Bad Friends: A Lesson in Bad Politics & Policy

Gary Nolan (and THE Scrappy Doo)
Gary Nolan (and THE Scrappy Doo)

In Bill O’Reilly’s book, Who’s looking out for you? he talked about the importance of surrounding yourself with good friends and purging bad ones. This really struck a chord with me.

Bill O'Reilly --- Image by © Deborah Feingold
Bill O’Reilly — Image by © Deborah Feingold

On Facebook I often see friends post about how they are having a bad day. Usually, there is a response from someone offering the suggestion, “Let’s go get drunk.”

While I’m not a huge advocate for philosophy, or philosophical sayings, let me offer up this:

“Just because it came from a good friend with good intentions, doesn’t mean it’s a good idea.”

Most of my youth was spent at billiard halls learning the game, but also learning what I didn’t want to be in life by observing the many patrons, a good portion of whom were rarely sober. What I learned was that drunken people make dumb decisions, including but not limited to playing people like me for money when they’re drunk. As a result of watching this phenomenon, I’m basically a teetotaler.billiards

It’s not because I’ve been negatively affected in my life by alcoholism, it’s just a result of my analytical mind, coupled with my fascination with human behavior. As I observe, I learn from everyone. Many people only watch those who inspire them, so they can emulate accordingly, but I think they are missing half of life’s important lessons. You learn a lot from the people you do not admire—such as what not to do in life.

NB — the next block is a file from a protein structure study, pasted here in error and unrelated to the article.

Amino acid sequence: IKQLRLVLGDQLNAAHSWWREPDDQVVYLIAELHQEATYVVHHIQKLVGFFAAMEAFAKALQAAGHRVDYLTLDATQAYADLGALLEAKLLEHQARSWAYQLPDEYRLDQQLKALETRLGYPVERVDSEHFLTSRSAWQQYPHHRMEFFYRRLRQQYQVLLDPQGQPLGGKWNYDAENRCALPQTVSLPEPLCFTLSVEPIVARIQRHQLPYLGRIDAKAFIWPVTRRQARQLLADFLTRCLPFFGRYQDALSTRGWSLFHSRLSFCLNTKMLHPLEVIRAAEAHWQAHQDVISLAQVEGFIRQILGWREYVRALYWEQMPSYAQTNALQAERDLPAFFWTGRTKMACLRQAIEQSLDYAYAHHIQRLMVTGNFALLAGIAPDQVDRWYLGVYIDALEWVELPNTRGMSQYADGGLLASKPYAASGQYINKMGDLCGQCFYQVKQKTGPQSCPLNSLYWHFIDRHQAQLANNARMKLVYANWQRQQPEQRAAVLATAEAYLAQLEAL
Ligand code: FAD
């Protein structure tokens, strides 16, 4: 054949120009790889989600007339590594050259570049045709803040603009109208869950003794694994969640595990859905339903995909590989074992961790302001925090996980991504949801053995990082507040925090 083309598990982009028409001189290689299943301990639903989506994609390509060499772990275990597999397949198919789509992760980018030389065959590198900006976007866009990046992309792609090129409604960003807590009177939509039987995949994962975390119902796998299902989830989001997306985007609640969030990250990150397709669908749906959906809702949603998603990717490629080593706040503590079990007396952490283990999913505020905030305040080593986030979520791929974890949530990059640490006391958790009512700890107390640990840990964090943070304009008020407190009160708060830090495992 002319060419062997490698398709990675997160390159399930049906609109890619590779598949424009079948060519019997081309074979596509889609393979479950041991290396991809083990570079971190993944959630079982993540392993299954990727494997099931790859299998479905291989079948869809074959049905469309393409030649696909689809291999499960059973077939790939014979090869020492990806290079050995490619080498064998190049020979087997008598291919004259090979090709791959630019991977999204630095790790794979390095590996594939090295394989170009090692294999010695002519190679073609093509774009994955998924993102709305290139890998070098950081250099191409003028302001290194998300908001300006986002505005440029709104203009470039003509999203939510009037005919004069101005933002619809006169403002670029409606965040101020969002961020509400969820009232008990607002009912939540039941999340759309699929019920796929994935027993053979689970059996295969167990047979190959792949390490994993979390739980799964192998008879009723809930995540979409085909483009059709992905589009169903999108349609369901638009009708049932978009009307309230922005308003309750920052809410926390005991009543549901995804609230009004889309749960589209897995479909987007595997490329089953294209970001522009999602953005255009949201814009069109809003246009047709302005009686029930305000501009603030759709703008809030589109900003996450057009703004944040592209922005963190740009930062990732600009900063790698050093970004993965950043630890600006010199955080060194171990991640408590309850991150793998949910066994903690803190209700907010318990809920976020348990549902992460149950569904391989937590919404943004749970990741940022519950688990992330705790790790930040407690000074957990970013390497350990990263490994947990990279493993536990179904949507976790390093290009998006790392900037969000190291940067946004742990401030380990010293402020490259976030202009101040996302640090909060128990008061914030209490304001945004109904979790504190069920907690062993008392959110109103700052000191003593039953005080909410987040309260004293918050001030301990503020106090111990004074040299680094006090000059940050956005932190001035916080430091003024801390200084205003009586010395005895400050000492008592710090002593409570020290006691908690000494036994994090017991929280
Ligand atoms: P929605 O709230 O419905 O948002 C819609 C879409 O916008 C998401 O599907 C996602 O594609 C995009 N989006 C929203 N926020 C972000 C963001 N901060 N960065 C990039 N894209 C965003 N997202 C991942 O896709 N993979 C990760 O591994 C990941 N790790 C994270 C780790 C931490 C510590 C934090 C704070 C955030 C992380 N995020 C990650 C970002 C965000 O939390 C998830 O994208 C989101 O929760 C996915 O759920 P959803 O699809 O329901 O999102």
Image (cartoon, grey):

We’ve all heard, “If you’re not aware of history, you’re doomed to repeat it.” If we learn from the failures of others, how are we to learn if we’re not watching?

There are two types of bad friends: Those who are malicious sociopaths who will wrong you at the drop of a hat for personal gain; not feeling an ounce of regret for doing so. All of us generally eschew these people from our lives once we identify them.

But there’s a bad friend of a lesser degree that many consider best friends—the misery-loves-company friend, such as the person that encourages you to go drinking when you’ve had a bad day.two-guys-on-toilet[1]

It would seem they’re a good friend because they generally care about whatever ails you. But I would submit to you that there has never been a person who was happy and successful that spent a significant amount of time getting drunk when life punches them in the gut, instead of dealing with the issue intelligently. On occasion, some otherwise happy people might do it, but usually it’s a sign of someone who has decided their life cannot nor will not get better—they’ve given up.

Yes, a lot of rich and famous people who appear to be enjoying life are alcoholics and drug users, but many an autobiography has shown that they often feel like the only friends they have around them are people who simply use them for their fame and fortune. These aren’t friends; they are a cancer feeding off of the host. As long as the host is alive, they can continue to feed. But make no mistake, they are killing the host inside every day of their supremely selfish existence. Not to mention, many a rich and famous star ends up penniless and bankrupt via the partying lifestyle.